Churchill Downs in Louisville, Kentucky held the very first Kentucky Derby and Kentucky Oaks horse races in 1875, the year it opened. The track acquired its now-iconic twin-spires grandstand in 1895 and subsequently added to it on either side in pieces during the last century, bringing the grandstand’s current capacity to 52,000. In anticipation of the 2014 Kentucky Derby, Churchill Downs commenced installation of a 171-ft. by 90-ft. video screen, the largest 4k video board in the world. Because the facility’s low-fi sound reinforcement system had been designed ages ago for only spoken word reproduction, the new screen would require a serious sound system upgrade to realize its full potential and impact. Dallas-based Marsh/PMK International, LLC designed the new sound reinforcement systems for all of the outdoor areas including nearly sixty clusters in the grandstands comprised of Danley Sound Labs SH50, SM96 and SM60F loudspeakers as well as TH212 subwoofers.
Encompass Develop, Design & Construct oversaw the installation of both the new video board and the new sound systems and they hired Marsh/PMK. Dave Stearns and Tim Lindstrom worked with Marsh/PMK to execute the sound system project from conception to completion. “The timeline for such a large-scale project was incredibly short – only six-and-a-half months from start to finish,” said David Marsh, owner of Marsh/PMK. “We were selected as the consultant in early October and delivered the design to Encompass at the end of December with two addenda following in January. Siemens was awarded the installation contract at the beginning of February. They won the bid in part because they have an ongoing contract to operate and maintain the sound systems at Churchill Downs. As such, they were already familiar with the facility and all the relevant operational aspects. Minor installation work and punch list corrections were still going on after the opening of Churchill Downs’ spring meet on April 26. Final testing and adjustments followed to make the system fully ready for the Kentucky Oaks and Kentucky Derby race days on May 2nd and 3rd.”
“I’ve been listening to Danley systems at trade shows for years now,” said Marsh. “I like the company’s philosophy of building large horn systems instead of adding to the already flooded market of line arrays. We see line arrays used in many permanent installations where properly designed horn arrays would work better. People have the idea that line arrays are a panacea, the cure-all for every situation, because they can throw sound long distances and because the main sound lobe can be electronically shaped and steered. True, but there is another side to that story.” Marsh goes on to explain, “Constructive and destructive interference that makes line arrays work also causes noticeable variations in tonal quality. Interference also produces lobes of sound in unintended directions, including behind the array. Lastly, most line arrays have wide horizontal dispersion, the angle of which is usually fixed by the basic building block of the array. In such cases, it is not possible to vary the horizontal dispersion angle along the length of the array to optimally match the intended coverage area.”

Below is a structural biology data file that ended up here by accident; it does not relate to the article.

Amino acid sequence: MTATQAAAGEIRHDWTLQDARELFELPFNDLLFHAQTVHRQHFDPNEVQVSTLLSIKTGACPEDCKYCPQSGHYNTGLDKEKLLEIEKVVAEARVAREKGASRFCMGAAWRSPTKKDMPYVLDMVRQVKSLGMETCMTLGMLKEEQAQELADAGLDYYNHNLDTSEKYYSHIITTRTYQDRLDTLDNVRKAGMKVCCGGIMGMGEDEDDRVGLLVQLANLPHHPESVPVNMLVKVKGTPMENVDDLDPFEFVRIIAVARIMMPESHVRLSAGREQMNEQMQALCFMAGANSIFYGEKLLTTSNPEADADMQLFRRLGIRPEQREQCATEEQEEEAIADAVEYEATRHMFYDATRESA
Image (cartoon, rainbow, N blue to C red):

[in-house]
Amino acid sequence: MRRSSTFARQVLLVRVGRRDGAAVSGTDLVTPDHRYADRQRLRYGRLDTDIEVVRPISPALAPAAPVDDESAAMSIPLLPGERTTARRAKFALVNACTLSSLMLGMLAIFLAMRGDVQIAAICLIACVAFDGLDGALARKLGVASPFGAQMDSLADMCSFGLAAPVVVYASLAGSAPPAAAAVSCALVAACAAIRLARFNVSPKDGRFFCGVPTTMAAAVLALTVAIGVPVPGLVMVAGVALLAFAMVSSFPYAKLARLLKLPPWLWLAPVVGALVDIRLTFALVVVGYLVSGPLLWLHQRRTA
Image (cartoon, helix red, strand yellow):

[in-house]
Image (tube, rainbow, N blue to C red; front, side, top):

Marsh said, “I’ve been looking for the right project for Danley. Churchill Downs became the one. Danley clusters positioned along the front edge of Level 300 serve the largest covered seating tier and all the trackside sections in front of the grandstand building from one end to the other. A tight vertical pattern with sharp cut-offs was critical in our long-throw situation. We had to throw sound all the way down to the edge of the track without ‘sizzling the hair’ of people seated below the clusters where Level 200 protrudes out from the building. The system performs as intended. I was also pleased by the performance of Danley’s TH-212 subwoofers. This is a tapped horn design that delivers an impressive amount of bass in a relatively small package.”